## Abstract

Thermal radiative transport yields unique thermal characteristics of microscopic thin films—wavelength selectivity. This chapter focuses on a methodology about adjusting the wavelength selectivity of thin films embedded with nanoparticles in the far‐field and near‐field regimes. For nanostructured layered media doped with nanoparticles, Maxwell‐Garnett‐Mie theory is applied to determine the effective dielectric function for the calculation of radiative thermal transport. The thermal radiative wavelength selectivity can be affected by volume fraction and/or the size of the embedded nanoparticles in thin films. To characterize wavelength selectivity and optical property of nanostructured materials, both real and imaginary parts of effective refractive index need to be analyzed. It has been shown that the nanoparticles made of polar or metallic materials have different influence on thermal radiative wavelength selectivity of microscopic thin films.

### Keywords

- thermal radiation
- wavelength‐selective
- far field
- near field
- nanostructured layered media

## 1. Introduction

Most naturally occurring materials exhibit a broad range of emission spectrum. However, thermal and optical properties of nanomaterials and nanostructures are significantly different than that of bulk materials. They are the basis of development of selective thermal emitters and absorbers that are crucial for the development of solar cells and thermophotovoltaics (TPVs) [1]. Wavelength‐selective emitters also have a wide range of potential applications such as biosensors, chemical sensors [2, 3], thermal cooling, and thermal detectors [4]. It has been shown that one‐dimensional (1‐D) metallo‐dielectric periodic structures display great selective emission properties in the infrared and visible regions [5]. Multilayered structures of thin films (1‐D photonic crystals) of polar materials can also be used to develop selective emitters [6]. The property of multilayered structures to exhibit wavelength selectivity can be explained by the presence of surface phonon polaritons (SPhPs) for polar materials and surface plasmon polaritons (SPPs) for metals [5, 7]. It has also been demonstrated that two‐dimensional (2‐D) or three‐dimensional (3‐D) photonic crystals can be used to develop selective emitters [8, 9]. However, thin‐film‐layered structures are easy to design and fabricate. Calculation of their emission spectra is also relatively simple.

Wavelength selectivity of 1‐D photonic crystals is a far‐field phenomenon. When the distance between two objects is of the order of the dominant thermal wavelength, the radiative heat transfer is enhanced to many orders of magnitude due to the coupling of surface waves and is referred to as near‐field thermal radiation [10]. If the materials support SPhPs or SPPs, the near‐field radiative flux can be shown to be inversely proportional to the square of the distance. The enhancement of heat transfer does not take place at all wavelengths but only at specific wavelengths [10]. This wavelength selectivity in the near field is exhibited by thin films as well as bulk materials. Wavelength selectivity in the near‐field limit is due to the coupling of SPPs or SPhPs across the two surfaces [10].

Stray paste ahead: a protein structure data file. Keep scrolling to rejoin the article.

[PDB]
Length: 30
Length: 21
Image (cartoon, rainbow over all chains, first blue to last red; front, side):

While many articles dedicated to the design and fabrication of selective emitters can be found in the literature, the use of nanoparticles specifically for the application of selective emitters is relatively sparse [11]. Optical properties of materials doped with nanoparticles have been investigated before [12, 13]. Experimental and analytical study of thermal coatings doped with nanoparticles such as Gonome et al. [14, 15] can also be found in literature. However, emissive properties of nanoparticles embedded thin films have not been studied in detail to the best of our knowledge. This chapter presents the multilayered structures, which contain nanoparticles (NPs) doped into the thin films, which are suitable for any of the potential applications in both the far field and the near field. In this chapter, we investigate a methodology that can be used to develop selective thermal emitters for a desired wavelength band. Ideally, one may want to develop a selective emitter for specific wavelength band as per the requirements. As the emission spectrum displays peaks at the wavelengths, which are characteristics of the refractive index of the material, changing the thickness of the film allows control over only a narrow spectral band. We propose to dope the top layer (thin film) with nanoparticles to change the dielectric properties of the material. The usual Maxwell‐Garnett equation for effective medium approximation is often employed for such an analysis disregarding the sizes of doped materials [16]. Here, we apply the Maxwell‐Garnett‐Mie formulation [17] for effective medium approximation to calculate the dielectric function of a composite that consists of a host material embedded with nanoparticles of various sizes and volume fractions, and extend the same approach to calculate radiative heat transfer for thin films doped with nanoparticles. Thin‐film structure with nanoparticles would be easy to fabricate as submicron thin films embedded with nanoparticles have been fabricated before [18, 19]. We aim to study the effect on the wavelength selectivity of thin films due to combination of surface polaritons of the films and the nanoparticles and their effects in the near‐field radiative heat transfer and spectral heat flux. We consider hypothetical cases of thin film embedded with nanoparticles although the fabrication of these particular NP‐embedded films discussed here is relatively unknown. We choose SiC and polystyrene (PS) as the host materials (for thin films). SiC is chosen as a host because it has high permittivity in the infrared region and supports SPhP. Polystyrene is chosen because it does not support either SPPs or SPhPs. BN, which supports SPhP, and Au, which supports SPPs, are picked for the material of inclusion (NPs).